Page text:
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Retail sales have held mostly steady in Gila County, defying the projected impacts of the pandemic and the widespread restrictions the virus inspired.

Sales tax collections in Gila County for July and August barely declined from the same period a year ago.

Payson saw a 9% boost in its sales tax collections by the end of the fiscal year in July. The town took in a whopping $937,000 more than the $11 million in sales taxes it had estimated it would take in for the fiscal year, according to a memo from the town released in response to a Roundup records request.

Payson had originally projected a big drop in sales tax when the governor’s stay-at-home order took effect back in March. Instead, the economy picked up steam compared to last year.

However, storm clouds continue to linger over the economy — with unemployment stubbornly high, the virus still present and state and federal support for businesses and the unemployed drying up.

But at least for now — the pandemic has taken less of a toll on the region’s economy than initially feared.

For Gila County as a whole, sales taxes in August hit $357,000, a 21% increase. In July, the $335,000 collected represented a 15% increase over the same period last year before anyone dreamed of a pandemic.

The figures indicated the economy in Gila County bounced back sharply from the low point in March and April. But even then, excise tax collections totaled $261,000 in March and $276,000 in April.

Economic development professionals said several factors cushioned the impact of the pandemic and the widespread business shutdown. First, people rushed out to buy necessities for the lockdown, boosting sales in grocery, discount and convenience stores. Then people invested their stimulus checks in home improvement projects while stuck at home, boosting sales at Home Depot, Lowe’s, Walmart and Tractor Supply.

Even the summer travel season proved stronger than expected. People canceled long vacations and international travel, but many people replaced those trips with weekend jaunts to rural Arizona.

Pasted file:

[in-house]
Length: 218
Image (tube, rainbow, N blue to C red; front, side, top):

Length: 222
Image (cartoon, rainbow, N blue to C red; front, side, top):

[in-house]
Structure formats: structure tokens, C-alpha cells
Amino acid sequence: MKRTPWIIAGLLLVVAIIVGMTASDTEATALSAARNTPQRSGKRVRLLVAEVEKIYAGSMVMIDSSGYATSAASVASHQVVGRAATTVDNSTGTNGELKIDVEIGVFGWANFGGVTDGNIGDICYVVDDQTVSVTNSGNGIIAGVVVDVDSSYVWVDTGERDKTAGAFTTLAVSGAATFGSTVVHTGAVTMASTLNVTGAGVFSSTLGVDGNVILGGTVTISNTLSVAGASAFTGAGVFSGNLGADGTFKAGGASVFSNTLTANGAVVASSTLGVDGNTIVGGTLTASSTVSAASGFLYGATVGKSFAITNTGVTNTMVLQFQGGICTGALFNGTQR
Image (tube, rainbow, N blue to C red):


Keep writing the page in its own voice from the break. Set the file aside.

Moreover, towns like Payson rely on a sizable retirement population — whose income isn’t as strongly affected by short-term shocks to the economy.

Meanwhile, the number of new COVID-19 cases and deaths has continued to decline. Gila County’s still one of four counties statewide that doesn’t meet the state’s benchmarks for reopening schools with at least a hybrid of online and in-person classes. That means restrictions on high risk businesses like bars and gyms also remain in place.

Gila County as of Thursday had just 32 new cases and 0 deaths. That has produced an overall rate per 100,000 population of 2,190 cases and 92 deaths. By contrast, Maricopa County had amassed a cumulative rate of 3,182 cases and 73 deaths per 100,000 population.

Here’s how Gila County’s August excise sales tax collections in key sectors compared to August of last year.

• Retail: $181,000 this year vs. $149,000 in August of last year.

• Restaurants/bars: $43,000 this year vs. $42,000 last year.

• Contracting: $27,000 vs. $26,000

• Lodging: $15,000 vs. $16,000.

• Amusement: $446 vs. $1,100.

• Property rental: $6,100 vs. $6,700.

• Total Excise tax: $335,000 vs. $294,000.

Local economic development officials see a silver lining to the pandemic, the massive shift to telecommuting and the woes of the big cities.

Show Low’s Economic Development Director Steve North commented, “I think we are already seeing people relocate from California, the Phoenix area and Tucson because more of them are working remotely and see rural Arizona as a safer place to live and work with a better quality of life. I think we have an opportunity now and in the future to attract these remote businesses and small business entrepreneurs to the area as a result of the COVID-19 pandemic.

Contact the writer at paleshire@payson.com

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